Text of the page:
In certain embodiments, a method of manufacturing an exercise apparatus 100 comprises coupling an exercise station 110 comprising an arm assembly 180 to a resistance system 180. In some embodiments, a method of manufacturing may further comprises defining a pivot point 190 for the arm assembly 180, and applying weight to the portion of the arm assembly 180 that is on the opposite side of the pivot point as the handles 182, thereby counterbalancing at least a portion of the weight of the arm assembly. In certain embodiments, a method of manufacturing an arm assembly 180 comprises providing independently operable primary elements 184 a and 184 b, such that when one of the primary elements (184 a) is activated by a user performing the exercise, the other primary element (184 b) does not move. Such a manufacturing method provides an arm assembly 180 by which the user can alternate between left-handed and right-handed exercises. In some embodiments, a method of manufacturing an arm assembly comprises rigidly coupling the primary elements 184 a and 184 b.

Handle Assembly

The adjustable arm assembly 180 may comprise any type of handle 182 conventionally used for weight-bearing exercise equipment. In some embodiments, the handle may be integral with the handle element 188. Alternatively, as illustrated in FIG. 7, the arm assembly 180 may include a handle assembly 185. The handle assembly 185 may comprise a plurality of handles 182 a, 182 b, 182 c, etc., each of which may provide a different size or type of handle, or a different handle orientation.

The handle assembly 185 illustrated in FIG. 7 comprises three handles, 182 a, 182 b, 182 c. Handle 182 a may be suitable for users capable of grasping the handle 182 a with a bare hand, as is found on conventional exercise equipment. For example, the handle 182 a may comprise a rigid cylindrical element surrounded by rubber or foam. As those of skill in the art will appreciate, handles suitable for users capable of grasping the handle 182 a may comprise a variety of shapes, sizes, and materials.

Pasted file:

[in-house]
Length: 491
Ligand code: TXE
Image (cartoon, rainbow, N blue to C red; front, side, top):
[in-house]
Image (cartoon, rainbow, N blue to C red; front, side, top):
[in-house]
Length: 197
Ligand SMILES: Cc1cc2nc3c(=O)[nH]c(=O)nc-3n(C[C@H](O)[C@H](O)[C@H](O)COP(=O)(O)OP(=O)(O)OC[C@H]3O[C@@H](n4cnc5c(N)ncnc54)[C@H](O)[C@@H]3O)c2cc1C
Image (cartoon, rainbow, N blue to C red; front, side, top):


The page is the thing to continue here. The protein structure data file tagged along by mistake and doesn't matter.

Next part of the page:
Alternative handles 182 b and 182 c may be suitable for users with little or no capability of grasping a conventional handle. For example, handle 182 b may be a rigid cylindrical element with no protective covering, which will accommodate users wearing a cuffing device, which wraps around the user's hand to compensate for lack of grip. As another example, handle 182 c may comprise a rigid element at least partially surrounded by a foam roller of sufficient size to allow the user to place the roller in their palms and perform the exercise without tightly grasping the handle. In some embodiments, the various handle types 182 a, 182 b, 182 c may be removable from the handle assembly 185. For example, in the embodiment illustrated in FIG. 7, the handle assembly may comprise three rigid cylindrical elements. Various grips may then be placed over each of the cylindrical elements, such that the types of “grip” for each handle 182 a, 182 b, 182 c are interchangeable.

In some embodiments, the handle assembly 185 may be rotatable relative to the handle element 188. This allows the user to place any particular handle, for example handles 182 a, closer to or farther away from the user. The handle assembly 185 may contain any number of individual handles.